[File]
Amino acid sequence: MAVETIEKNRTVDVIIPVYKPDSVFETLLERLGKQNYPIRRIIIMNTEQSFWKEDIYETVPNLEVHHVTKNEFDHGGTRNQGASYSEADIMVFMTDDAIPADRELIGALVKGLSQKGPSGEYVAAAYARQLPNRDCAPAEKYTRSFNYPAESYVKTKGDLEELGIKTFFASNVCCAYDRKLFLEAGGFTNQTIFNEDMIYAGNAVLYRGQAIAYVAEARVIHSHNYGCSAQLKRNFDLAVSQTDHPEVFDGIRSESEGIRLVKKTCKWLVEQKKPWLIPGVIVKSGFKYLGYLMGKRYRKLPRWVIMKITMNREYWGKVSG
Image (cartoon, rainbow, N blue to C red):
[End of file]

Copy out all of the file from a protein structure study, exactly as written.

Amino acid sequence: MAVETIEKNRTVDVIIPVYKPDSVFETLLERLGKQNYPIRRIIIMNTEQSFWKEDIYETVPNLEVHHVTKNEFDHGGTRNQGASYSEADIMVFMTDDAIPADRELIGALVKGLSQKGPSGEYVAAAYARQLPNRDCAPAEKYTRSFNYPAESYVKTKGDLEELGIKTFFASNVCCAYDRKLFLEAGGFTNQTIFNEDMIYAGNAVLYRGQAIAYVAEARVIHSHNYGCSAQLKRNFDLAVSQTDHPEVFDGIRSESEGIRLVKKTCKWLVEQKKPWLIPGVIVKSGFKYLGYLMGKRYRKLPRWVIMKITMNREYWGKVSG
Image (cartoon, rainbow, N blue to C red):